Reasoning in Qualitatively Defined Systems using Interval-Based Difference Equations

Melody Y. Kiang, Aimo Hinkkanen, Andrew B. Whinston

Research output: Contribution to journalArticlepeer-review


Quantitative research and statistical techniques have long been regarded as superior ways of analyzing knowledge in social sciences. To deal with incomplete or imprecise knowledge while modeling systems, traditional approaches in social sciences (i.e., management science, operations research) have attempted to measure social facts by making approximations of the problem under analysis. Recent Artificial Intelligence (AI) research on qualitative reasoning which focuses on using qualitative knowledge to reason about the everyday physical world, suggests an opportunity to extend the capability of current logicomathematical instruments used by social scientists. This paper proposes an interval propagation difference equation method, a type of qualitative-quantitative simulation method, to model dynamic systems by abstracting from the underlying true model. The proposed difference equation method can be used to model problems requiring discrete-time analysis, such as applications involving time-lag relationships. Moreover, the method does not require the exact functional form of the problem under analysis to be known with certainty. The incomplete or imprecise knowledge available about the functional form of the true model, and the values of its variables, are represented with bounding functions and interval values respectively.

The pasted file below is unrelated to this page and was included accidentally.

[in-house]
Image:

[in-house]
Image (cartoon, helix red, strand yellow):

Original languageEnglish (US)
Pages (from-to)1110-1120
Number of pages11
JournalIEEE Transactions on Systems, Man, and Cybernetics
Issue number7
StatePublished - Jul 1995

ASJC Scopus subject areas

  • Engineering(all)


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